I was looking around with my camera in hand, when I heard an alert call by a chickadee. I turned around and looked up, the chickadee flew away and on the top of a branch of a dead Douglas fir was a Northern Pygmy Owl. It was perched right over my head, I quickly grabbed a few pictures before it flew away, but it had no intention of doing that. It had been a clear, cold night, the Sun brought warmth as the owl preened itself in the sunlight. I moved back and watched it while looking for other photographic opportunities. A good start to the day.
When I first spotted this mule deer, she was off the road on the right hand side. I watched her slowly make her way into the middle of the road listening for something ahead of her. Not sure if she was listening for other deer or possible predator. She stood at this location for a few minutes before she decided to cross the road. I saw and heard nothing.
I headed to 93 North in the morning, with the plans to do some exploring on snowshoes. The temperature was minus 17 in the Town of Banff, when I reached Lake Louise it was minus 23, by Hector Lake pull-off it was minus 16 and by Bow Lake it was down to minus 24. The temperature was too cold for slow walking and exploring, so I decided to go for a drive toward the Columbia Icefield, with the hopes of exploring on my way back with warmer temperatures. It was a beautiful drive, lots of snow on the mountains and the sun shining. I got into black and white landscape mode, stopping and taking pictures from several locations. This one was my favourite from that morning.
I came across this fox during a cold morning, a very cold morning, the temperature was minus 35 degree Celsius. The fox was hunting for voles, here it's standing still listening for the vole under the snow. In the end nothing was there, it moved on looking elsewhere for its breakfast.
Life would be different if there was no Moon. There would be no eclipses, well Venus does get between the Sun and Earth, but just not the same. The nights would be much darker, we would see more looking up in the night sky. The tides, would be very small with the Sun causing them. With no tides caused by the Moon, there would be no tidal friction, which would mean the Earth would rotate faster. That would provide us with much shorter days, 6 to 8 hours long. The Earth's axial tilt would change greatly, which in turn would have a major effect on weather. With these and other effects on the Earth without the Moon, life would evolve differently. But thankfully we do have the Moon looking after us and can enjoy chocolate on the only planet that it grows on, as far as we know.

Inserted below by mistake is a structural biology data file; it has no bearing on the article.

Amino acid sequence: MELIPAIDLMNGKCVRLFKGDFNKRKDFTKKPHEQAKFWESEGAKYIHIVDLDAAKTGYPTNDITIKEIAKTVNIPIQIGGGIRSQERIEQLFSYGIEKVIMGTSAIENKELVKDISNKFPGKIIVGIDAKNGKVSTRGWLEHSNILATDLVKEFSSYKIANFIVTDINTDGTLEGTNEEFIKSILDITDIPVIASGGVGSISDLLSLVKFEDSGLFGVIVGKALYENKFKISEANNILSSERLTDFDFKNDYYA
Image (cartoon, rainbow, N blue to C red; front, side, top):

It was the morning after a good amount of snow had fallen onto Banff National Park. I had the day off and I was out taking pictures of beautiful winter scenery. I have taken many pictures of Castle Mtn from the road, I never get tired of it. For a while it was just me on the road, the few times I stopped along the way to take pictures of the morning light.
Birds bring colour to any day, no matter the season. In this case its in the form of the Bohemian Waxwings, a bit of a colour on their face, on their tail wings and on their sides. All highlighted by the light on a sunny winter morning.
This bull elk is facing a few challenges throughout the winter, main ones deal with the winter season, the cold temperatures and the amount of fallen snow. Using more energy if it's colder and more energy to get at the low quality food through the fallen snow. This bull like other elk may lose 20 to 25 percent of their weight over a winter and if he loses more than 30 percent, very likely he will not survive the winter. The winter might take it or if it's so weak, predators the likes of wolves or cougars will take it. It helps when the days start getting longer, it means shorter cold nights to deal with. Using the dense forest as cover, it can be few degrees warmer in the forest and protection from the wind. It may not make a difference for one day, but over a whole winter, every bit adds up. For wildlife it's the survival of the fittest, literally.
I had popped into Kootenay National Park to look for Mountain Goats high up on the mountain side. I lucked out, spotting five goats, then I was off to Marble Canyon. There was lots of snow in Kootenay, in some areas hip deep. After looking around I decided I wanted to take picture of the mountains to the East. I did a quick ten meters walk in the deep snow so I could get the water in the foreground and took the picture.